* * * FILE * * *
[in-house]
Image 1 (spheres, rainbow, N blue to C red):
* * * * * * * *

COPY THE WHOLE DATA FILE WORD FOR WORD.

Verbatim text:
[in-house]
Image 1 (spheres, rainbow, N blue to C red):